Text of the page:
a contingency fee agreement. Only when those matters were
resolved did this motion proceed.
 Although self-represented, the respondent incurred significant costs to defend himself in the motion. The respondent
asserts that work on the case resulted in a loss of opportunity to
do paid legal work on other files. In any event, the aspersions cast
by the applicant on the respondent’s professional conduct, and
which did not result in a successful motion, justify a costs award
in the respondent’s favour.
 In its bill of costs, the respondent claims $19,108.30 on
a substantial indemnity basis and, in the alternative, $14,331.23
on a partial indemnity basis. Both those amounts are inclusive of
HST. A higher amount was shown in the written submission
($28,447.75), but was not consistent with the bill of costs, so
I have ignored it. In addition, the respondent claims disbursements of $1,381.91.
 The applicant proposes that no or minimal costs be
awarded. He submits that the costs claim was excessive as to time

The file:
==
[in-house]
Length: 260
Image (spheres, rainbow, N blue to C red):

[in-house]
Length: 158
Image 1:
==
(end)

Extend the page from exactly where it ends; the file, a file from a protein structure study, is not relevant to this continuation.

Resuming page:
spent, and that the claimed hourly rate is inappropriately high.
As well, the applicant notes that the respondent’s bill of costs
does not comply with the format of the form 57B Costs Outline
including the lack of a lawyer’s certificate.
 The applicant submits that since the respondent was self-represented, evidence of lost “opportunity cost” was a requirement, but was not provided.
 In the event that a costs award is made in favour of the
respondent, the applicant requests a deferral of payment until the
conclusion of the assessment of his account which will be done by
an assessment officer in due course.
 The court’s discretion to award costs flows from s. 131 of
the Courts of Justice Act, R.S.O. 1990, c. C.43.
 I first consider the matter without regard to the fact that
the respondent was self-represented.
 Factors to be considered in the exercising of discretion are
enumerated in rule 57.01. Success is a presumptive factor and in
this case the respondent was entirely successful. In the normal
course, an award of costs would be appropriate in favour of the
respondent, payable by the applicant. I will not review other
discretionary factors, given the conclusion I reach below on the
opportunity cost issue.
 The offer to settle made by the respondent and the corresponding offer made by the applicant are irrelevant to my decision on costs. Both offers were made after the rule 57.07 motion